Functionalized acrylates are also suitable. Examples of suitable monomers which are normally used to form the backbone (the base polymer) of such functionalized acrylate and methacrylate polymers are acrylate, methyl acrylate, methyl methacrylate, ethyl acrylate, ethyl methacrylate, n-butyl acrylate, n-butyl methacrylate, isobutyl acrylate, isobutyl methacrylate, 2-ethylhexyl acrylate, 2-ethylhexyl methacrylate etc. Additionally, appropriate amounts of functional monomers are copolymerized during the polymerization in order to give the functional polymers. Acid-functionalized acrylate or methacrylate polymers are obtained using acid-functional monomers such as acrylic acid and methacrylic acid. Hydroxy-functional acrylate or methacrylate polymers are formed from hydroxy-functional monomers, such as 2-hydroxyethyl methacrylate, 2-hydroxypropyl methacrylate and 3,4-dihydroxybutyl methacrylate. Epoxy-functionalized acrylate or methacrylate polymers are obtained using epoxy-functional monomers such as glycidyl methacrylate, 2,3-epoxybutyl methacrylate, 3,4-epoxybutyl methacrylate, 2,3-epoxycyclohexyl methacrylate, 10,11-epoxyundecyl methacrylate etc. Similarly, for example, isocyanate-functionalized polymers may be prepared from isocyanate-functionalized monomers, such as meta-isopropenyl-α,α-dimethylbenzyl isocyanate, for example.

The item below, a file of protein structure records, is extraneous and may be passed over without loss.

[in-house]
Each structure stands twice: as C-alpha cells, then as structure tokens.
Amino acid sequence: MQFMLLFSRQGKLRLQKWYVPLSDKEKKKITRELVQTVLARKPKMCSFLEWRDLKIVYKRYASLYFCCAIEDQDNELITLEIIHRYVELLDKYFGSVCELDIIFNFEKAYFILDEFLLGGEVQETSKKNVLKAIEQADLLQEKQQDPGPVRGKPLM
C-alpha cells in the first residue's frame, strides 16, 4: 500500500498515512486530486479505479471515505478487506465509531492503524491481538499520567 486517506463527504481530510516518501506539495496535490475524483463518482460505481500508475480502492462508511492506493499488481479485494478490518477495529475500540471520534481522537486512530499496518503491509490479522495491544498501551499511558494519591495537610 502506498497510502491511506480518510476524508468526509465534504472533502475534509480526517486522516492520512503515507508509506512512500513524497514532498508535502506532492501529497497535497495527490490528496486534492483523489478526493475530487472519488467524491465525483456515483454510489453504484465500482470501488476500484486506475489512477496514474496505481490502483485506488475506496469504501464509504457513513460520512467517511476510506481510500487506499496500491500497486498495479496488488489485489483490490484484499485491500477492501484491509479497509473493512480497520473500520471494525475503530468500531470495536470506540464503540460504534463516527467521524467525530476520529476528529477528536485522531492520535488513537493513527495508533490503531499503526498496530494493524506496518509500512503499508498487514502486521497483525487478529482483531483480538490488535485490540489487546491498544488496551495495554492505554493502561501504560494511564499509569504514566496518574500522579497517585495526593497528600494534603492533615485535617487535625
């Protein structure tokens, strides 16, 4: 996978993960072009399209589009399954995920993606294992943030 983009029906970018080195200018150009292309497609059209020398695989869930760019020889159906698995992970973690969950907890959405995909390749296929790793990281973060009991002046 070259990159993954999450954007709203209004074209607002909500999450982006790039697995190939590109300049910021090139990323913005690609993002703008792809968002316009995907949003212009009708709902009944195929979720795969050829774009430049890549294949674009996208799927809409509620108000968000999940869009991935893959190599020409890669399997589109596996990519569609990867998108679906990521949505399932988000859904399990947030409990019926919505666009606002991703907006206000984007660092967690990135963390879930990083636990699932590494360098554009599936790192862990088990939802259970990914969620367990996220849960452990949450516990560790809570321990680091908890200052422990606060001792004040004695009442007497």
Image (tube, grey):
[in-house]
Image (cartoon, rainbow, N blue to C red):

Particularly suitable compounds are, for example, esters of ethylenically unsaturated monofunctional or polyfunctional carboxylic acids and polyols or polyepoxides, and polymers containing ethylenically unsaturated groups in the chain or in side groups, such as unsaturated polyesters, polyamides and polyurethanes and copolymers thereof, alkyd resins, polybutadiene and butadiene copolymers, polyisoprene and isoprene copolymers, polymers and copolymers containing (meth)acrylic groups in side chains, and also mixtures of one or more such polymers.